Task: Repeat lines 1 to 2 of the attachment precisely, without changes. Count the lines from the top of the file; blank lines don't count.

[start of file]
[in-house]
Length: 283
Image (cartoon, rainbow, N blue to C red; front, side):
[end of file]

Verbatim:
[in-house]
Length: 283